abstract = "This dissertation explores Japanese imperial history in East Asia and focuses on a group of {"}cross-boundary people{"}--Taiwanese sekimin (Taiwanese who registered as Japanese subjects) and Japanese--who went to the treaty port of Shantou in southern China during the period between 1895 and 1937. The starting time point (i.e., 1895) corresponds to the signing of the Treaty of Shimonoseki, by which Japan acquired Taiwan as a colony and informal privileges in Chinese treaty ports. The ending time point (i.e., 1937) corresponds to the decline that Shantou's Japanese community experienced owing to the outbreak of the Second Sino-Japanese War on July 7, 1937. By examining the official documents of the Taiwan General Government, commercial reports of Japan's Ministry of Foreign Affairs, and major newspapers and travel writings published in colonial Taiwan, I explore the connections among the Japanese homeland (the metropole), the Japanese formal empire in Taiwan, and the Japanese informal empire in Shantou in terms of commercial activities, human resources, and networks of words.Concerning commercial activities, I argue that Shantou was an important market for both Japanese and Taiwanese goods, and that the commercial network comprising the Japanese metropole, colonial Taiwan, and the Shantou treaty port was significant for Japanese imperial formation in East Asia. Moreover, by analyzing the Japan-China co-invested Dadong Ice-making Company in Shantou, I explore the complicated competitive and cooperative relationships among three notably different ethnic groups there: Taiwanese sekimin, local Chinese, and Japanese in Shantou. By examining the Japan-founded educational institution known as --the Toc School in Shantou, I clarify two important points: (1) the Taiwan General Government established a network of human resources for the Japanese homeland, colonial Taiwan, and the Shantou treaty port; and (2) this particular school's Japanese and Taiwanese teachers produced writings published in major Taiwanese periodicals, signifying a network of {"}words{"} between an element of Japan's formal empire (Taiwan) and an element of Japan's informal empire (Shantou).",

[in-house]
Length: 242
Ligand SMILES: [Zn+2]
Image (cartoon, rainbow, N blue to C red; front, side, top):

keywords = "cross-boundary, Japanese empire, migration, Shantou, Taiwanese sekimin, treaty port",
author = "Lin-Yi Tseng",
note = "Dissertation. The City University of New York",
year = "2014",
language = "English",

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T1 - A Cross-boundary People: The Commercial Activities, Social Networks, and Travel Writings of Japanese and Taiwanese Sekimin in the Shantou Treaty Port (1895-1937)